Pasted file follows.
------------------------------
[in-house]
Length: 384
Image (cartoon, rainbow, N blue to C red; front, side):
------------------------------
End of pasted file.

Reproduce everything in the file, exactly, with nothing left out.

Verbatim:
[in-house]
Length: 384
Image (cartoon, rainbow, N blue to C red; front, side):